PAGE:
I also could have titled this blog post, “Getting My Geek On With the Postural Restoration Institute“, as that is where I spent this past weekend geeking out, and inspired what I’m writing about today.

I had the pleasure of attending a Postural Restoration Institute course- Myokinematic Restoration, a course addressing issues of the lumbo-pelvic-femoral variety (so hips and pelvis mostly). This is a course that’s been on my wishlist for over a year now, so I was pretty stoked to be there.

What is the Postural Restoration Institute, and what do they teach? Long story short (very, very short), the PRI is big on the getting the body as symmetrical as possible (which is kind of impossible), because life tends to take us farther from symmetrical than is optimal. The more asymmetrical your body gets, the more dysfunctional too, which can lead to pain and crappy movement qualities.

Along with an overdose on functional anatomy, I got some answers to questions like,

“Why is it so hard to activate my glutes?”

“Oh good, and it looks like I can’t activate my hamstrings either” (not a question, I know)

“Why have my hips been in pain since I was 15?”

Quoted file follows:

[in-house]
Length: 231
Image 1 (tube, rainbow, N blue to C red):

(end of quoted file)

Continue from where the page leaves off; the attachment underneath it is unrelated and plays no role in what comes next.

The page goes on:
“How much butter should I eat for optimal brain function when studying advanced functional anatomy for 8 hours a day?” (to answer that last question- I ate a lot of butter, and my brain was ON).

But other than learning how much butter I can eat in a weekend, I’d like to summarize a few other important things I learned from PRI, particularly as it relates to you dancers, dance educators, and other bendy people.

The biggest thing I learned from PRI, when it comes to dancers?

Dancing is horrible for your body. As if you didn’t know that already…

In all seriousness though, and more specifically, dancing will probably end up severely over-stretching many of the ligaments attaching to your pelvis, if it hasn’t already.  I’ve talked about this already HERE, as it relates to your hip flexors, and why you should stop trying to stretch them out.